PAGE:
Year on year, the availability of free Wi-Fi across Paris has been growing and growing. Many parks offer it, as do a large number of cafés and some public spaces like the Centre Pompidou – this, of course, makes access to the all-knowing internet that much easier for a traveler. Admittedly, not everyone is on board with the technological revolution and some still prefer exploring cities without turning to their screens at every corner. Nevertheless, if you’re travelling with a smartphone and looking for a cheap way to help you navigate the many aspects of this city, here is a list of free apps that may prove useful during your stay.
Not a Paris focussed app per se but Airbnb is one of the best ways way find great value accommodation and also very quirky local experiences across Paris. I’ve found a few fab deals in Paris on Airbnb like Frederique’s cosy apartment just off Canal St Martin where I spent a week recently. At just £44 per night sleeping 4, this is an amazing deal for Paris. Note : If you are new to Airbnb , signup using this link to get £26 off your first booking. Also if you are looking for accommodation, do checkout my recently revised guide to the best budget places to stay in Paris.
1. Mr Good Beer
Ignore the kind of lame logo – in a town as notoriously expensive as Paris, this app is a boon for anyone seeking a cheap night out. It locates the cheapest pints in town, taking into account any happy hours around and allowing you to select the maximum price you’re willing to pay for a pint of beer. Keep in mind, however, that the price listed is always for the cheapest pint available, invariably a lager, so if you’re after a more flavorful brew, this isn’t necessarily the best way to go about finding it.
Having just criticized the place for its pricy disposition, Paris benefits from a surprisingly affordable and efficient public transport system. The official app does everything you’d expect of it, providing routes, bus and train times, and a metro plan that doesn’t require you to be connected to the internet in order to access it.
But sometimes the metro smells. And on hot days it smells even worse. On those days, your best option is to hop on one of the thousands of bikes that can be found lining the streets all over the city. Unlike New York or London, for instance, the city of Paris is relatively compact and makes for a good biking experience. The fact that Vélib’ has been around for eight years also means that car and truck drivers are more accustomed to dealing with cyclists, but – as with any other major city – ride carefully. You’ll need a credit or debit card to get one, but a one-day pass only costs 1.70, the price of a single fare on the metro, and allows you to use bikes for up to 30 minutes per trip, which is plenty of time to get you to most destinations within the city limits.
The app allows you to identify the closest docking stations and how many bikes are available – or, alternatively, if you’re looking to deposit a bike, it also indicates how many free spots are available in your proximity.
4. Visit Paris by Metro
Also run by RATP, Paris’s public transport agency, this app is geared more at touring the city’s main sites, allowing you to search and select major tourist attractions and providing you with descriptions thereof as well as detailed instructions on how to get there by public transport. It also has a useful section on travelling with the ‘noctiliens’, Paris’s night buses that replace the metro system during the early hours of the morning.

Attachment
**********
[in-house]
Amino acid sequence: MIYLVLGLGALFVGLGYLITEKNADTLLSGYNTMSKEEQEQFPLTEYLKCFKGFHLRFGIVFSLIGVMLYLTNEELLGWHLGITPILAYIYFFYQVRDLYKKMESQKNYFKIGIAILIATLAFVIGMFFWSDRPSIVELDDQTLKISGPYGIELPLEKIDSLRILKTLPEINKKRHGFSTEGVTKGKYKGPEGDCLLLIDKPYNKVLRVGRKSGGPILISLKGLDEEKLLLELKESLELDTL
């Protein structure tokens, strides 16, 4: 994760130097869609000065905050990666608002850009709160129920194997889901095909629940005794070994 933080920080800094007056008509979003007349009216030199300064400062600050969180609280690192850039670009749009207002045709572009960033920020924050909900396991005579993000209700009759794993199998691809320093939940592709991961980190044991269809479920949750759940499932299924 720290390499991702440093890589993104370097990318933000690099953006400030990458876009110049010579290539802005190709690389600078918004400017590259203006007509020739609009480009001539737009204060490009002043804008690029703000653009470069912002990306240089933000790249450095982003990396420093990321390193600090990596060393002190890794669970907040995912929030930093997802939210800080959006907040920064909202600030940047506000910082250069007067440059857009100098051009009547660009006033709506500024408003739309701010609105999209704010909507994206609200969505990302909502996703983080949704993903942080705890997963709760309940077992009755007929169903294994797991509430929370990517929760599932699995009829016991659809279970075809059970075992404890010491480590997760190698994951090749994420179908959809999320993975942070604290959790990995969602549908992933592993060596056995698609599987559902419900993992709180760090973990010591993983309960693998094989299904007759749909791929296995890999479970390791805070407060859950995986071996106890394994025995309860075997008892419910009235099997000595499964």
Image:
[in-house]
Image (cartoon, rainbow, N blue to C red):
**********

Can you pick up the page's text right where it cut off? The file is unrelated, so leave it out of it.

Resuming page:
A well-known but very useful app that allows you to book a table at any restaurant in town at short notice. It also usefully indicates any restaurants in your immediate vicinity, with ratings, menus, photos and comments from previous customers. In order to make reservations using the app, you’ll have to sign up for an account (which is also free and particularly useful if you’re not all that confident speaking French), but you can also just use the app for the information on offer and give the restaurant a call to make the reservations.
6. Kiosque Paris
If you’re looking for a place to grab your morning paper, use this app to locate all the newspaper stands in your area. It also gives you their opening times and indicates whether any given stand is open on Sundays or not – not always a given in Paris.
Unfortunately, like other major cities, Paris has got some serious pollution problems. Usually, you won’t notice, but – especially in the summer – there are still days when you should avoid strenuous activities, like biking or running. This app simply indicates the air quality of the city on any given day; so if you want to go for a run in the park next door but the air looks kind of hazy, take a quick look at this app – if the pollution is heading towards ‘élevé’ (‘high’), it’s best to leave your exercise for another day.
8. City Gardens
Once you’ve established that the air quality is good enough for you to go for that run, you may want to locate the nearest green space. This app maps all urban green spaces for most of France’s major urban centers, including Paris.
9. Paris Bouge
If you’re looking for a guide to what concerts, exhibitions and other events are going on in Paris during your stay, this app is your best bet. Not much explaining necessary here – it simply lists most of the important cultural events on any given date, providing you with a little description of each event (in French), with their time, location and price.
If you’re after a more serendipitous approach to Paris’s cultural offerings, try out this app. Every few days it presents you with a random new offering of limited duration – anything from a jazz concert in a park to boxing lessons along the Seine. Given the haphazard way in which it presents you with opportunities, it may be of more use to you if your stay in Paris is of a longer duration though.